ABOUT 400 Shire of Mundaring residents will be randomly selected from all over the shire and invited to take part in the council’s biennial community perceptions survey over the next few weeks.
The anonymous survey is designed to help the shire understand the real needs of its residents and ratepayers rather than just the needs of the people or groups who make the most noise.
An independent consultant will conduct the phone survey which will provide valuable insight into how the shire is performing in relation to its strategic community plan.
Mundaring Residents and Ratepayers Association secretary Tom Burbidge said the association welcomed the initiative.
“The association would like to thank the shire for listening to the community’s comments and feedback,” he said.
“We now have Mundaring Arena, an indoor sporting complex, as a result of the shire consulting with the community and responding to the feedback from the community’s residents.”
Shire President David Lavell said he encouraged all those contacted to take the opportunity to have their say.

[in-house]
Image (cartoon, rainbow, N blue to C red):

“Often we tend to hear from the more vocal members of our community,” Cr Lavell said. “But the process associated with the community perceptions survey means we will get to hear from a broad cross-section of residents who perhaps are less likely to voice their opinion.”
The survey will span a wide range of topics including current services and facilities and it will also address how successful the shire’s efforts are in catering for the needs of specific demographics such as seniors, youth and people with disabilities.
Cr Lavell said the community’s participation in the survey would allow for a collaborative approach towards identifying future key priorities.
“The shire’s community perception survey will provide valuable insight into the needs, desires and interests of its ratepayers as well as track how well we are meeting those expectations.”
The results of the survey will be available to the public in early December 2017 and will be accessible via the shire’s website and social media.
By Andrew Carter